On Thursday, an alliance of more than 100 groups, unions, musicians, bloggers and media and technology leaders sent a letter to President-elect Barack Obama calling on his administration to appoint leaders who will reform the media and protect the open Internet.
Along the campaign trail, in recent speeches, and in his technology agenda, President-elect Barack Obama has made big promises on media and technology issues; finally an opportunity to see real change in our media landscape - from diversity in our news to getting fast, affordable, "neutral" Internet connections to every home and business.
Center for American Progress, SEIU, NOW, Free Press, ACLU, DailyKos, Members of Pearl Jam, R.E.M., and hundreds more organizations and individuals signed on. The breadth and depth of the signers reflects growing awareness that every issue we care about - from the economy to national security, from health care to civil rights - depends on the ability of the fourth estate to provide critical journalism, and connect all Americans to the information superhighway.
Obama will soon appoint the first-ever White House chief technology officer, along with positions at the Federal Communications Commission, the Federal Trade Commission, Corporation for Public Broadcasting, and in the Commerce, Education, Justice and Agriculture departments.
The letter includes six of Obama's best quotes on media reform to remind him that his words have not fallen on deaf ears; we've been listening, and now we're watching to make sure these promises aren't hollow.
What did Obama say? Enough to bring a tear to the eye of anyone who wants more investigative reporting and intelligent programming, and less Nicole Smith and blathering pundits. Here are the choicest sound bytes:
• Protecting an Open Internet: To "take a backseat to no one in my commitment to Net Neutrality" and "protect the Internet's traditional openness to innovation and creativity and ensure that it remains a platform for free speech and innovation that will benefit consumers and our democracy."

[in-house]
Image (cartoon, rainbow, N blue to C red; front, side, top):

• Promoting Universal, Affordable Broadband: To see that "in the country that invented the Internet, every child should have the chance to get online" by bringing "true broadband to every community in America."
• Diversifying Media Ownership: To create "the diverse media environment that federal law requires and the country deserves."
• Renewing Public Media: To foster "the next generation of public media," and "support the transition of existing public broadcasting entities and help renew their founding vision in the digital world."
• Spurring Economic Growth: To "strengthen America's competitiveness in the world" and leverage technology "to grow the economy, create jobs, and solve our country's most pressing problems."
• Ensuring Open Government: To reverse "policies that favor the few against the public interest," close "the revolving door between government and industry," and achieve "a new level of transparency, accountability and participation for America's citizens."
Obama has already made the call to create a more vibrant, diverse and democratic media system and to deliver the benefits of the open Internet and new technology to all Americans. Now he simply has to appoint policymakers who will carry out his mandate.
You can read the letter and add your own name here.